2019 TdF Final Team Ratings

Wow, then. How good was that? The 2019 Tour de France will be remembered as one of the more remarkable Grand Tours, top shelf fare, certainly by recent TdF standards which have paled in comparison to the Giro and Vuelta. But not this time. As always there were the race’s official winners, as well as plenty of unofficial winners who will still be more than satisfied with their three weeks of work across Belgium and France. Below you can see our (unofficial!) final points tally based on Stage and Overall placings across all the main jerseys/categories for the entire race. Scroll down, and we’ve also included a little commentary with our thoughts on each team’s performance, as well as a rating out of 10. Did we get it right? Let us know!



TEAM INEOS (10/10)                                    

For the best part of three weeks, 2019 was a very different story for the Brits, yet it ultimately delivered a familiar ending with two riders standing on the final podium in Paris. They played the long game, bided their time, and they won. Most impressive was the fact they were able to do it with several of their support riders seemingly well below their best. Also worth remembering they lost their original GC man, Froome, to a serious crash before the race even began. Throw Carapaz into the mix in 2020 and who’s to say they won’t do it again. Oh, and Bernal is only 22. Just sayin.


Wellens had an extended run in polka-dots. De Gendt nabbed a hugely deserved stage win in Saint-Etienne. While, after several narrow misses in the first week, Caleb Ewan ended up with three wins to announce his arrival on the sport’s biggest stage. The Gorilla may be gone, but the future seems very, very bright. A near-perfect Tour.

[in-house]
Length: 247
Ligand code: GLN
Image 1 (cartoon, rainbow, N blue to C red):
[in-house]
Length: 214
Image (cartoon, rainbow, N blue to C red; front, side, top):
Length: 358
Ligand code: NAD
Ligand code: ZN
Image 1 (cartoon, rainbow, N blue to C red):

DECEUNINCK-QUICKSTEP (9½/10)              

Multiple stage wins. Multiple yellow jerseys. But, ultimately, a case of so close yet so far. Julian Alaphilippe delivered the Cinderella storyline of the entire tour – and nearly made it all the way to Paris. It’s fair to say 2019 unfolded beyond the Belgian squad’s wildest dreams. Throw in Viviani’s win on stage 4 and Mas’ performances across the entire three weeks and it couldn’t have gone much better for the Wolfpack. Will this change their focus in future Tours? It’s unlikely, but who knows?


A breakout tour for the Dutch squad that may return even stronger next year. Began brilliantly with multiple stage wins and days in yellow, and ended with an overall podium in Paris. If not for Van Aerts’ DNF in the time trial, it may have been even better. One future challenge will be how to best balance Groenwegen’s sprint ambitions with the team’s overall GC ambitions. Imagine adding Roglic (and maybe even Dumoulin if the rumours are right) to this squad in 2020!


Prior to 2019, the Australian squad had won just 3 TdF stages in eight years. This time they claimed 4 to make it a rudely successful French foray. The irony is the prize they originally set out for – the GC podium – never looked remotely likely. A fine lesson in resilience and adaptability.


Sagan’s record-breaking seventh green jersey in eight years will rightly take the spotlight. But just as exciting was Buchmann’s emergence as a genuine GC threat, finishing a superb 4th overall. At 26, he’ll get more chances.